UK – The UK Social Investment Forum, the UK’s membership network for socially responsible investment, has launched a two-year project to encourage schemes to consider environmental and social issues in their investments.
The initiative, which was designed over the past year, will focus on companies that are already “leading the way” on corporate social responsibility – a “name and fame” project rather than naming and shaming schemes which don’t adhere to SRI principles.
“We plan to highlight schemes with particularly good practice so that others can learn from them,” said a spokesperson from UKSIF.
“In addition, schemes will be given confidential feedback. We believe that this approach will provide the most effective support and encouragement at this stage.”
The initiative will also target local government pension funds, and encourage them to support government’s commitment to SRI.
According to UKSIF, there is increasing concern and interest about financial security in retirement on the one hand and sustainable development and climate change on the other.
“We expect to see a convergence of these two concerns. It is increasingly obvious that financial security in retirement requires a greater focus on sustainable investment,” said an UKSIF spokesperson.
She added: “For public sector pension funds, the importance of sustainable public procurement is rising up the agenda including today’s publication of “Procuring the Future”, the recommendations of the UK government’s sustainable procurement taskforce. Selecting asset managers is one aspect of procurement, which is likely to increase in importance over time.”
According to Treasury chief secretary and former pensions reform minister Stephen Timms, SRI is an “important component of investment strategies”.
UKSIF is due to contact the pension schemes of roughly 300 UK listed companies in the autumn, including those in the Carbon Disclosure Project’s Climate Leadership Index, and ask them how they incorporate environmental and social principles.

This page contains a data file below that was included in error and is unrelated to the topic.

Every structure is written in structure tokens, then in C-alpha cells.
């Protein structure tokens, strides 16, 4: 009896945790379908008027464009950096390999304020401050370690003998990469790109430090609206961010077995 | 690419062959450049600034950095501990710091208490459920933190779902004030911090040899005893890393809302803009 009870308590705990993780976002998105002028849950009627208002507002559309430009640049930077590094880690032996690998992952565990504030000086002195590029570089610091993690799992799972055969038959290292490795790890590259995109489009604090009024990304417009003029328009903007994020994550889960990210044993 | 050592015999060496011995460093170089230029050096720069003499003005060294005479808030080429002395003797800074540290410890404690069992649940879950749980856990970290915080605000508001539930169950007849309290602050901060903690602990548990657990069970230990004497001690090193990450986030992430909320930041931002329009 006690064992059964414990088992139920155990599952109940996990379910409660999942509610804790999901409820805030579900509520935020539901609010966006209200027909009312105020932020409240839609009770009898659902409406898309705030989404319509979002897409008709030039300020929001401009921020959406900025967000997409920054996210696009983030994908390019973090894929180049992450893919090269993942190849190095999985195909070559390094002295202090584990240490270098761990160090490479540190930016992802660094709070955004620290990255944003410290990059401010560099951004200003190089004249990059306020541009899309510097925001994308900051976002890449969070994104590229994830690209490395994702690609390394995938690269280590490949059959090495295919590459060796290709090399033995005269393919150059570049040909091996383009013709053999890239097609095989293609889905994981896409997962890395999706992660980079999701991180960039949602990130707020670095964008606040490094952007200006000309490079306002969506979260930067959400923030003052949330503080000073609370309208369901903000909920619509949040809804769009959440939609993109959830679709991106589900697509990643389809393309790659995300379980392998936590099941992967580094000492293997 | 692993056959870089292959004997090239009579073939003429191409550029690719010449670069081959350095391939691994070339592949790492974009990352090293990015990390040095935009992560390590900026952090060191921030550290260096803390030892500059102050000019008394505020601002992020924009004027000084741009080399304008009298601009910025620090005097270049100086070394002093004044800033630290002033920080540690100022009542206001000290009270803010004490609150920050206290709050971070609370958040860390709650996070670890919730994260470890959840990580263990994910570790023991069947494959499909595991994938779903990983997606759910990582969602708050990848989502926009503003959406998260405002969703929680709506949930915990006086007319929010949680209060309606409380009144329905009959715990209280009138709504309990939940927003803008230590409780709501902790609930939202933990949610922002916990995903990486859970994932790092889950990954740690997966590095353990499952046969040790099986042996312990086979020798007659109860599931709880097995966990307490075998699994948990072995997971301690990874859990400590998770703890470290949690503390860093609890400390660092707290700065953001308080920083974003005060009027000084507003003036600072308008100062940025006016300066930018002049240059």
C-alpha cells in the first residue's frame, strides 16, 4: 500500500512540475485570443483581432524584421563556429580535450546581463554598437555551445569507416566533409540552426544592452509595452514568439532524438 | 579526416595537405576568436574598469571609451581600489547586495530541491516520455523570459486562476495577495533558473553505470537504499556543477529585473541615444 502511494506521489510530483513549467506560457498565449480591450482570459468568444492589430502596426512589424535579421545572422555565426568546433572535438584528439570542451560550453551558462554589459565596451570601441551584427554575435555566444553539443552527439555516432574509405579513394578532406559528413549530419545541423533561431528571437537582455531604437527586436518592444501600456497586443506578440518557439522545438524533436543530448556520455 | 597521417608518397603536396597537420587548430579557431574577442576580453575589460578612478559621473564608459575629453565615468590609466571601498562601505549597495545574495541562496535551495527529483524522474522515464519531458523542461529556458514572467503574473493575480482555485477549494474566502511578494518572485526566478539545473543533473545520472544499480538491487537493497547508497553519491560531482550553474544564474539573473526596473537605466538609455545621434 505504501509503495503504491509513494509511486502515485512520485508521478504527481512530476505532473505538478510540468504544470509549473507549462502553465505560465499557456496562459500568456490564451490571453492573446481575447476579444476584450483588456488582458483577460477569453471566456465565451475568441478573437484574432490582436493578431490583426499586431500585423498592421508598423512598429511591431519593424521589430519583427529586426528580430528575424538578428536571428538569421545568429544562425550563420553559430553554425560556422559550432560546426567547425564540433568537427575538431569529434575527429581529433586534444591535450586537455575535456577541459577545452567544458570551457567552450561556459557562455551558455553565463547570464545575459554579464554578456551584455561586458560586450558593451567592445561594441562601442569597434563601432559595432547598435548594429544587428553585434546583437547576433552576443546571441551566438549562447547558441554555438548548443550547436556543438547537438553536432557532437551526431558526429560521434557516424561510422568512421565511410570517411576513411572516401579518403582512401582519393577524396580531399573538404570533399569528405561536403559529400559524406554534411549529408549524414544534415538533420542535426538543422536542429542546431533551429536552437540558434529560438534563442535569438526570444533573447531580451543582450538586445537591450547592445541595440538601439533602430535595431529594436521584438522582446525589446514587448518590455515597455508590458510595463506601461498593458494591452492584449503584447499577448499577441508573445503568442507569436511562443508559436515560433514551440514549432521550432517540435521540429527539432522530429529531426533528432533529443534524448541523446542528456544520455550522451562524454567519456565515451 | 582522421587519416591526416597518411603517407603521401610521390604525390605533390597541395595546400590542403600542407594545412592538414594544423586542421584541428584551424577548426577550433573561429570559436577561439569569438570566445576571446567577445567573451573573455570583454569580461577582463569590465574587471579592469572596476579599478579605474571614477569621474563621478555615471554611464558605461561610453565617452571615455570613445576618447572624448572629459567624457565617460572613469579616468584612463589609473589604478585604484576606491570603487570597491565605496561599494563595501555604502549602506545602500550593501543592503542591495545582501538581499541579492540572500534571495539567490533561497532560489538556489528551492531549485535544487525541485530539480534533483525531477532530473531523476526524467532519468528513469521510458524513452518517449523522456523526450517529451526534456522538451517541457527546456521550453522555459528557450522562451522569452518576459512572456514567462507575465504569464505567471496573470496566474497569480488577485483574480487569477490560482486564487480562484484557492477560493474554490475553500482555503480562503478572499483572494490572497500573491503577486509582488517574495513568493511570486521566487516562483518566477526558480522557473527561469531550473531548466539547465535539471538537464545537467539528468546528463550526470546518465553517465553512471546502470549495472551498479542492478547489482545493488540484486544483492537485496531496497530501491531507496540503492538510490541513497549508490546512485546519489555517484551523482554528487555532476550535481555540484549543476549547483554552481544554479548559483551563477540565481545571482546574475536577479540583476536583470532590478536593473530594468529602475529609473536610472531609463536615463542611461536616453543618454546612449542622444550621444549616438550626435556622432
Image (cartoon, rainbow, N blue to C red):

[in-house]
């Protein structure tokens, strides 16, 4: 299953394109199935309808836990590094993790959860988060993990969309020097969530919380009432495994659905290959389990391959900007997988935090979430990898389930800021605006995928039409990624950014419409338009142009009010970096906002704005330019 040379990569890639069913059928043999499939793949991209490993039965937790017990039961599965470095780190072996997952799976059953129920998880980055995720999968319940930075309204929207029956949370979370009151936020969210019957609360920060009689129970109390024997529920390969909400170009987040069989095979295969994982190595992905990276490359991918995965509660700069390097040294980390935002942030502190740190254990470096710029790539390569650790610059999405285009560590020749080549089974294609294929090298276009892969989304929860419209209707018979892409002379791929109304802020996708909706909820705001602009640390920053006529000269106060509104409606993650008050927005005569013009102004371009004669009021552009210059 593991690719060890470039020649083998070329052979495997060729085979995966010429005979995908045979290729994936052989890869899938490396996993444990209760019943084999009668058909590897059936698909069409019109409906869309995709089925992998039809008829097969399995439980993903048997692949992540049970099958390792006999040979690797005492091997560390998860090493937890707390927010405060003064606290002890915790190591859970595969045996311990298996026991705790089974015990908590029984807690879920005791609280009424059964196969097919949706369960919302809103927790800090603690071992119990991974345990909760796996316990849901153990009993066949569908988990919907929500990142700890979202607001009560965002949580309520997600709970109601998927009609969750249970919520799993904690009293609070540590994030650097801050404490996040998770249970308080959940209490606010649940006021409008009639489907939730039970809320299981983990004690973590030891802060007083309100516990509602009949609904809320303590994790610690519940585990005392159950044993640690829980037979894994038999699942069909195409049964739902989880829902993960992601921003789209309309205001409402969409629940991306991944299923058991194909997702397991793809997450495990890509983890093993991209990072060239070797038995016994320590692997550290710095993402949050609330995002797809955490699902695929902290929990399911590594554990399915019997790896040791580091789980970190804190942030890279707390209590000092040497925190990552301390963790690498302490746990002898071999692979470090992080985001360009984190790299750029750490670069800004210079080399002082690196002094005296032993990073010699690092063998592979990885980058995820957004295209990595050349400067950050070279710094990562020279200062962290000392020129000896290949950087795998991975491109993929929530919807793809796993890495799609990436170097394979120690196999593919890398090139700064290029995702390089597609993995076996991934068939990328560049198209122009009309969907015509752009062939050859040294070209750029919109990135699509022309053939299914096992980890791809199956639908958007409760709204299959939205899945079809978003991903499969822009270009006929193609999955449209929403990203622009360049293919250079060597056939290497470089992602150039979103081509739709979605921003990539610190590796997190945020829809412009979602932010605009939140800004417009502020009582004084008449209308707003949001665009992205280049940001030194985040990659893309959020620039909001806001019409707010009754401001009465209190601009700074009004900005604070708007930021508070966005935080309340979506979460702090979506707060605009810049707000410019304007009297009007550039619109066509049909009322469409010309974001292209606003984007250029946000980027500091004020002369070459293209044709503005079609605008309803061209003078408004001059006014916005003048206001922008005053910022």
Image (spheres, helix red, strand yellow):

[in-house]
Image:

The results will be published in February/March 2007 and UKSIF will also highlight examples of public sector leadership later this year, said the spokesperson.
“We want schemes to press their investment consultants to advise them on which issues are most significant to protect and enhance investment returns and to recommend the most appropriate fund managers to address these issues,” said UKSIF.
“We anticipate that climate change and the transition to a low carbon economy will have a high priority for many trustees.”
Michael Deakin, former Insight Investment chief investment officer and board member of the London Pension Fund Authority and Pension Protection Fund, will chair the project’s advisory committee.
Other industry heavyweights on the committee include FTSE Group responsible investment chief Will Oulton, Mercer senior analyst Emma Hunt and Watson Wyatt sustainable investment and corporate governance head Tim Currell.
According to Deakin, “The time is ripe for this important leadership initiative. Extra-financial issues are increasingly recognised as a fiduciary concern.”
Oulton added that the FTSE Group, being a signatory of the UN Principles for Responsible Investment, supports the UKSIF initiative. “Responsible Investment is now a mainstream investment issue for pension funds,” he said.
According to UKSIF, “We hope this programme will have a significant impact over its two year life. Towards the end of this period, we will consider what further support is needed and how that might best be provided.”
The project was funded by independent UK grant making foundation, the Esmée Fairbairn Foundation. UKSIF members and others are providing additional in kind support, said the spokesperson.